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The Weather, For Example

John Ashbery

Coasts are loud. Silences sin

at the meander of their doing.

All along the gatepost was wrong

as we suffered under that song,


wrong to shake the apron out

with crumbs the children marked

the way back with after it got dark.

Spoon the leaven in, there is more


to the hoods than flaps and strings.

A margin oozes.

It’s bakelite he said. I think it’s bakelite.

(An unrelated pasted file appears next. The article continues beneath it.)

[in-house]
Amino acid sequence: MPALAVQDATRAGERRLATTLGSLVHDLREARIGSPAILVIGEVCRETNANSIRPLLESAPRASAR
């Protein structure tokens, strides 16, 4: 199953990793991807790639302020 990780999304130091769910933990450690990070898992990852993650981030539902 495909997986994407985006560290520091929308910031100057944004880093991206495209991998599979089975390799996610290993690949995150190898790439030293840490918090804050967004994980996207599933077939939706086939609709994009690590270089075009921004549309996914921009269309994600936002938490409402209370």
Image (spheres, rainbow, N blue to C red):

There’s so much more we know,


time that wraps us in a swarm,

mongrels in nettle tilth,

percentages of doubt that shift unease,

bright locks along the shore.


I was once happy abed,

I could see it coming like a beach

then very fast. We are here to tell

some account of ourselves,


grab favor from the circumcised gods,

be replaced in a box or pocket.

Nothing coming from that quarter,

it behooveth the moth to inch back


against the steep Atlantic tides.

I found us here with toy fish,

choice clusters of whatever

you desired in time past,


rushing in to fill the unthinkable well.


From The Poetry Review Vol 94 No 1 (Spring 2004)

'The Weather, For Example' from Where I Shall Wander by John Ashbery © 2005. Reprinted by permission of George Borchardt, Inc., on behalf of the author.